The sixteenth century cannot be said to inherit from the previous one the question of the preference to be given to Latin or the vernacular in literary uses. Already in the mid-fifteenth century, the great Italian humanism had, as has been said, also become Italian in English. In the first half of the sixteenth century, some who were able to use Latin remained who, like Poliziano and Pontano, together with the thrill of love for classicism, a more or less brisk sense of new life; operas, such as Giovanni Cotta, Andrea Navagero, Marcantonio Flaminio, exquisite artist of amorous poems suffused with a faint veil of melancholy; epic poets, such as the Sannazzaro of De partu virginis, sincerely religious and pagan, and Marco Girolamo Vida, who composed a Cristiade , less mystical and less paganistic than De partu , rather perfused with archaic humanistic poetry; didactic poets, such as Girolamo Fracastoro, author of the Syphilis sive de morbo gallico ; and delightful descriptors of natural and artistic beauties, such as the Bembo del Benacus and del Sarca, and Iacopo Sadoleto, who in a poem of hexameters described the statuary group of Laocoon unearthed in Rome in 1505. In prose, alongside the philosophers who, without recognizing rights to the linguistic tradition, entrusted their thoughts to the universal language, wrote Latin the few left out of history, faithful to the old debunked dream and advocates of the literary use of Latin only, and many respectful of the peaceful coexistence of the two languages (historians, orators, moralists, etc.); Ciceronian most, because the disputes debated in the century. XV among the proponents of the exclusive imitation of the great Arpinate and the proponents of a broad stylistic eclecticism, ended with the triumph of Ciceroonianism, which was officially sanctioned when Leo X elected Pietro Bembo and Iacopo Sadoleto, two apostles of the Ciceronian religion as his secretaries. But in the middle of the century. In the XVI century Ciceronianism had come under the blows of Erasmus’s satire, so that a great French Latinist, Marcantonio Mureto, asserted in 1556 that not even the echo of the applause touched the Ciceronians at the beginning of the century remained.
According to collegetoppicks, another question arose from the resolution of the first: the question of the national language. From then on and up to the first decades of the new century there had been an aspiration to a language common to all the Italian provinces, a language which he had convinced himself of having to model on that of the three great fourteenth century artists, in short, on Tuscan. Such is the linguistic ideal that the fifteenth-century non-Tuscan writers had sought to implement; but phonetic, morphological and lexical elements of their dialects had naturally inserted themselves into their writings, giving rise to a linguistic hybridism, which only practice or theoretical knowledge of the Tuscan language could stop. Now, they were the Prose of the vulgar language by Pietro Bembo, published in 1525, which in spite of the works of the Tuscan Dugentists and Trecentisti, but especially the works of Petrarch and Boccaccio, stopped the rules of grammar, syntax, metrics and rhythm, and made it easily possible to non-Tuscans educated to avoid their idioticism, and thus to implement the old linguistic ideality, which Bembo elevated to theory, proclaiming the excellence of the Florentine over all the other vulgar Italians and advocating the thesis that it should be valid writers from all over Italy; not, however, of the Florentine alive on the lips of the people, yes of that used by the authors who had best written, the fourteenth century. This was a classicization of the living language, assembling the material in the same way that was used for Latin. Castiglione opposed Bembo, De vulgari eloquentia , advocated the use of a language, participating in all dialects, but different from all. This doctrine, which in its practical implementation did not depart from that of Bembo if not for a broader concept of the literary elaboration of the language and the contribution that the provinces brought to it, and necessarily ended up recognizing the rights of the Tuscan as well. Many discussions continued over the centuries on the ownership of the Italian literary language; but substantially it can be said that even the question to which humanism had given rise by deciding to speak Italian was resolved in the first half of the sixteenth century with the generic Bembesque affirmation of the Florentine nature of the Italian national language.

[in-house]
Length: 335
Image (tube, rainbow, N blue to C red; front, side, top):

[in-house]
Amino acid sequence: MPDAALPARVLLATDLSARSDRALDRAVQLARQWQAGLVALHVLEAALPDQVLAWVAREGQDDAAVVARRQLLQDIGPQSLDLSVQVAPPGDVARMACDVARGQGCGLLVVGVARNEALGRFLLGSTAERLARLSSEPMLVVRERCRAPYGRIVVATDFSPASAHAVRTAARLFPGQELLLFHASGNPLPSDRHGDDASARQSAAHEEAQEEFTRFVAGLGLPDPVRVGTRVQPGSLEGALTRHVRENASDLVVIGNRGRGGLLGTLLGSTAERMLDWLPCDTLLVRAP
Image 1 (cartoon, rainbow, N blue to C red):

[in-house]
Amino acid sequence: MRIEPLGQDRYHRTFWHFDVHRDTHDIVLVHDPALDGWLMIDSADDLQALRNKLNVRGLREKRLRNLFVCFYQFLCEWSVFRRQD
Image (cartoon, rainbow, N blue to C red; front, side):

From this state of affairs the dialectal literatures drew new value and meaning, which if previously had mostly been an expression of an impossibility or ineptitude of the authors to get out of the forms of their vernacular, now assumed an intentional character of comedy or of realism as opposed to the serious or more chosen character of a literature that received the stigma of nationality from the language itself. Then there were the comedies, the dialogues, the arguments of the Paduan Angelo Beolco known as Ruzzante, a wonderful representative of the customs, feelings and language of the peasants of his region, and the comedies and whimsical letters of the Venetian Andrea Calmo; and in Tuscany, where rustic farces were also composed in dialect (the Sienese coven of Rozzi produced them in large numbers), the already noted purely local character of facetious, familiar, bourgeois, burchiellesque poetry gained new prominence. Sonnets, sonnets, chapters, madrigals, madrigalesses, by Francesco Berni, the noblest and most polite of these cheerful verseurs, by Antonfrancesco Grazzini known as Lasca, the most fruitful, and by several others, founders or partners of the jovial Florentine academy of the Humids , continued the not very savory and often even insipid tradition of that poetry, accentuating its dialectal aspect with the abundance of riboboli and idioticisms, which the literary language, despite its fundamental Florentine nature, rejects by itself because it is educated by gravity and from the generic nature of the arguments to more refined forms.